Will we choose as green as possible over as soon as possible in mobility?
But imagine how this will change the way we look at transport in general. Our ‘just in time’ mantra which obliges transport to act ‘as quickly as possible’, might just get challenged by a ‘as green as possible’ option. Another thing Covid-19 teaches us, is the resilience of the online shopping industry to crisis moments like these. ‘Order today, get it tomorrow’ might become 1 of the options, next to ‘get it delivered green & cheap’. In the latter option, the electric delivery vans will remain parked until they got charged with abundant sun & wind generation. A couple of days delay versus a cheaper, carbon-free delivery. What option will you choose?
Nearly 1000 electric buses will join De Lijn bus fleet over the next 15 years. As they are usually parked during the night, bus depots are getting equipped with significant upgrades of their electrical installation. As such, buses can contribute to the electrical grid stability.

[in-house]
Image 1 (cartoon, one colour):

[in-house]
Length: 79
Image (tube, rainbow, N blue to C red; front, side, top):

Let’s expand our dream with new future technologies such as vehicle-to-grid. In a nutshell: your car can discharge its’ battery back into the grid when necessary. 80 kWh of flexibility. Or roughly 9 days of an average household electricity consumption. Charge it during that sunny day, or that windy storm, and run on it for a week since your car is able to provide this stock. Or have that online shop deliver your order to you at an even lower cost, as the delivery vans help the system when sun & wind are absent for a couple hours/days, and gain a profit from your time flexibility. Accurate production forecasting of weather conditions might even provide you with a clear view on when your car is best plugged in. As such, transport might move from a CO2 emitting sector to a solution that helps us phase out fossil fuel generation by 2030.